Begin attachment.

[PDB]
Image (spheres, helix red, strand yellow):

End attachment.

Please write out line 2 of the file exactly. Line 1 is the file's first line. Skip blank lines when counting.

Image (spheres, helix red, strand yellow):